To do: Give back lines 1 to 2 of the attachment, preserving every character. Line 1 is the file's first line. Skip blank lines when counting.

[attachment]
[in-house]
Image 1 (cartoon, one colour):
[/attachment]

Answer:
[in-house]
Image 1 (cartoon, one colour):